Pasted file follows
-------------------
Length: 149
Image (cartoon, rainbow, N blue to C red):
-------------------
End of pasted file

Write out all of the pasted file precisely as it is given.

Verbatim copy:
Length: 149
Image (cartoon, rainbow, N blue to C red):